Brits turn to dancing to make them happier and less stressed

Eight in 10 Brits reckon that dancing makes them happier and less stressed.

A study of 2,000 adults found that three quarters feel "happy" after shimmying around their home.

And almost half went as far as to say they feel their mental health is better as a result of the activity.

But the study, commissioned by fitness brand Zumba, found 67% wished they could dance more often, although 41% admitted they were 'quite bad' or 'appalling' at it.

Psychologist Dr Peter Lovatt said: "The positive effects of dance have been shown in the scientific literature to help our stress and anxiety in lots of ways, particularly in difficult times like these.

"Dancing helps the mind break away from set patterns of thinking – and that's why dancing reduces stress. When we move our body, it releases different neurochemicals.

"The opioid receptors become more active and that means our pain threshold increases. We feel less pain when we dance.

"We know dancing bonds people together – dancing in unison is good for us, because it encourages social bonding, stimulating the production of endorphins in the brain."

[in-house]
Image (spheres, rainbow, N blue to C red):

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The study also found more than eight in 10 Brits agreed that dancing is a good form of exercise while the 69% who enjoy dancing average two hours and 15 minutes of the activity every month.

More than a quarter (28%) said dancing has provided them with great memories and 23% said it helps connect them with friends.

Nearly four in 10 (37%) even said moving to music helps them forget all their troubles, with 42% believing dancing allows them to 'lose themselves'.

It also emerged a third of adults have taken dance classes, or attended a dance-based fitness class, according to the research from OnePoll.

But while 57% think dance proficiency is something you can learn, a quarter believe it's a skill you're born with.

Dr Peter Lovatt, speaking on behalf of Zumba, added: "Doing something more physical can be a great way of reducing stress and anxiety – particularly in uncertain times such as these.

"However, few of these physical exertions can be as fun as dancing – there are so many benefits to doing something you enjoy, without necessarily thinking about the positive impact it will have on your body.

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